The problem is that most of our Ghanaian friends move away from Austria to the UK. As soon as they have their Austrian passport you see them going, one by one. All the time we lose more friends. It is true that living circumstances for Africans are much better in England as compared to, especially, Austria. In Austria black people are isolated because Austrians stay away from us. It makes life difficult that way. People in England are used to Africans and all kind of other nationalities and they are friendly. Of course the language too plays a role. That’s why my people leave.
As I said I am not going to go to England like my friends. They challenge me: ‘you are an Austrian citizen and so you can freely move to anywhere in Europe’. But no, we stay in Graz.

What I don’t like is being the eternal outsider. The work also is hard. I get up early come back late, hardly see my children, my wife works too, so hardly see her at all. And now we face this exodus of Ghanaian friends leaving for Britain. Others are talking about it, some are packing. We stay where we are but it is sad to stay back here alone.
Do you think I could get a job as a bus-driver in Austria? Or any job where you get in touch with other people? No. Not in Austria and especially not in Graz where we live. I tell you, in the beginning people were afraid of me. When I would board a bus for example all other passengers would look at me. I sit in the front, they all move to the back. If I sit at the back they quietly stay in the front of the bus. All the same that was eighteen years ago and things are changing. When I came I was the only African in town and people would always look at me and sometimes point: ‘Schwartze’, which means ‘black-man’ and I would just feel bad. Anyway I was lucky because I got a job. I still have that same job after more than 15 years. I work in a factory and there at my workplace I feel at home and they like and respect me there. Read more

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To Be A Man Is Not Easy ~ The Conference Participant. Interview With Osei Takyi

BosmanCoverI was invited to a conference and that is how I arrived one early morning at the airport of Frankfort. Forty three years old, first time overseas, big airport and sleepless night. I tried not to show my anxiety and then I saw my friends Rudi and Susan and they hugged me ‘Welcome to Germany’. At once I felt good. But also cold and strange. I saw no leaves on the trees. They said you are lucky it is spring now, look at the first green leaves. But whereever I looked the trees looked bare and dead to me. I was in a dream. We drove to their house and then the sun came through, I brought it with me they said! After dinner it was still light outside.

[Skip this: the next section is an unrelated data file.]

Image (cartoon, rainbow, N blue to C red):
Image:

Here in Ghana sun-up 6, sun-down 6, but not over there. I was exhausted and wanted to sleep but sleep would not come because of the light and all the strangeness.
Next morning was Sunday and we went to Church. It was a huge building so I thought there will be thousands of people worshipping there but I saw only twenty-five or so grey haired people. Then we saw another church which they had turned it into a restaurant which I did not want to believe. But I saw it.
In the afternoon we drove to a restaurant with all the participants of the conference and we had pizza. My first time pizza and I had to chose between mushroom, fish, spinach, I don’t know how many choices and so finally we tasted them all and overate! That I enjoyed and that night I slept.
Next day the program started with a visit to a special school for mentally handicapped children. I was amazed to see all their equipment. The atmosphere was good, not much discipline like here in Ghana, no, a lot of liberty for the kids, I even saw some children smoking, the bigger ones, they would go out and have a smoke. In Ghana, never!